Just finishing up some notes from my trip to SAP TechEd && d-code last week with the latest on their Operational Process Intelligence product, which can pull events and data from multiple systems – including SAP’s ERP and other core enterprise systems as well as SAP BPM – and provides real-time analytics via their HANA in-memory database. I attended a session on this, then had an individual briefing later to round things out.
Big processes are becoming a thing, and if you have big processes (that is, processes that span multiple systems, and consume/emit big data and high volume from a variety of sources), you need to have operational intelligence integrated into those processes. SAP is addressing this with their SAP Operational Process Intelligence, or what they see as a GPS for your business: a holistic view of where you are relative to your goals, the obstacles in your path, and the best way to reach your goals. It’s not just about what has happened already (traditional business intelligence), but what is happening right now (real-time analytics), what is going to happen (predictive analytics) and the ability to adjust the business process to accommodate the changing environment (sense and respond). Furthermore, it includes data and events from multiple systems, hence needs to provide scope beyond any one system’s analytics; narrow scope has been a major shortcoming of BPMS-based analytics in the past.
In a breakout session, Thomas Volmering and Harsh Jegadeesan gave an update and demo on the latest in their OPInt product. There are some new visualization features since I last saw it, plus the ability to do more with guided tasks including kicking off other processes, and trigger alerts based on KPIs. Their demo is based on a real logistics hub operation, which combines a wide variety of people, processes and systems, with the added complexity of physical goods movement.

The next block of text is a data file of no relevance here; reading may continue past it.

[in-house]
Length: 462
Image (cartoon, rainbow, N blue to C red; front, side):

Although rules have always been a part of their product suite, BRM is being highlighted as a more active participant in detecting conditions, then making predictions and recommendations, leveraging the ability to run rules directly in HANA: putting real-time guardrails around a business process or scenario. They also use rules to instantiate processes in BPM, such as for exception handling. This closer integration of rules is new since I last saw OPInt back at SAPPHIRE, and clearly elevates this from an analytics application to an operational intelligence platform that can sense and respond to events. Since SAP BPM has been able to use HANA as a database platform for at least a year, I assume that we will eventually see some BPM functionality (besides simple queuing) pushed down into HANA, as they have done with BRM, allowing for more predictive behavior and analytics-dependent functions such as work management to be built into BPM processes. As it is, hosting BPM on HANA allows the real-time data to be integrated directly into any other analytics, including OPInt.
OPInt provides ad hoc task management using a modern collaborative UI to define actions, tasks and participants; this is providing the primary “case management” capability now, although it’s really a somewhat simpler collaborative task management. With HANA behind the scenes, however, there is the opportunity for SAP to take this further down the road towards full case management, although the separation of this from their BPM platform may not prove to be a good thing for all of the hybrid structured/unstructured processes out there.
The creation of the underlying models looks similar to what I’ve been seeing from them for a while: the business scenario is defined as a graphical flow model (or imported from a process in Business Suite), organized into phases and milestones that will frame the visualization, and connected to the data sources; but now the rules can be identified directly on the process elements. The dashboard is automatically created, although it can be customized. In a new view (currently still in the lab), you will also be able to see the underlying process model with overlaid analytics, e.g., cost data; this seems like a perfect opportunity for a process mining/discovery visualization, although that’s more of a tool for an analyst than whoever might be monitoring a process in real-time.